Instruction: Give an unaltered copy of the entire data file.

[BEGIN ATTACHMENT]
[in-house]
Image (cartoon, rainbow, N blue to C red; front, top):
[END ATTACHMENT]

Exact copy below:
[in-house]
Image (cartoon, rainbow, N blue to C red; front, top):